This I Believe

andrew - los angeles, California
Entered on June 20, 2007

Finding IT

I believe in rebellion.

Recently my mom gave me an article about teenagers and how just last century the stereotypical teenager didn’t exist. There was no time for children to become “horrors” as my mom calls us. They were forced into adulthood by the need for money in their families.

But that was then, this is now. People need to realize that comparing generations is not realistic because we are so much different from the generations before us as the generations before us were different from the ones before them.

Having a mom that grew up as a hippie made me think that she would be able to understand this. Yet she and her generation find themselves trying to define us, mold us into the same people that they are. People are unique; they shouldn’t be defined by anyone but themselves.

Teenagers are caught in a strange place: striving to discover who they are, and also trying to fit the mold given to them. This is where rebellion comes in. Rebellion should not be frowned upon because it is part of this search.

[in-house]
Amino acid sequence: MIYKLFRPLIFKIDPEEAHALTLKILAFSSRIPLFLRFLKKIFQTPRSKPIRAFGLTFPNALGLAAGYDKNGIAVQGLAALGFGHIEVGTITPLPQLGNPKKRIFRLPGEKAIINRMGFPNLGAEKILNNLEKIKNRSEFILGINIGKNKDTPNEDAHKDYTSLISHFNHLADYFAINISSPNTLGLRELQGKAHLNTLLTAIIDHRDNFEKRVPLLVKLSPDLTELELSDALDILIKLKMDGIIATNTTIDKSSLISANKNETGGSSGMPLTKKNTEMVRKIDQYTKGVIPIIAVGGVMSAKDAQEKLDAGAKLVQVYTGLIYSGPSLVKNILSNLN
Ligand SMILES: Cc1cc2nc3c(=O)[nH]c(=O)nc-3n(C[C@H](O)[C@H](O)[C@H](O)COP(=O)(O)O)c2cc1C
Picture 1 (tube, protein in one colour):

I believe that the real lessons in life, the ones that really define you, are not ones that can be taught in school or by an older, “wiser” person. Real lessons need to be experienced. I find that many people today live in fear. Afraid of germs, getting in trouble, not being liked by the people around them because of their cloths (this one really makes me giggle). This fear keeps them sheltered, they are afraid to experience things that are different. It is these people who have lost sight of the important things in life.

I’ve lived my life doing things that are not recommended: like eating things off the floor, getting lost in Peru, etc. Living life at the edge has taught me a lot, basically how to handle myself. This unorthodox way of thinking is in no way conventional, and it has gotten me into a lot of trouble. If have learned anything form my history classes it is that: most people working for change have been ridiculed for behavior that was defined at the time as, “out of the ordinary”. But if these acts had never been allowed then our world would not be as good, or as pleasant (ha-ha I don’t know that it is). So if rebellion is the platform for change and brilliance, then it should not be a bad thing.

It’s this mentality that I think makes a person into something great. Sometimes you need to try a little wrong in order to truly understand what is right.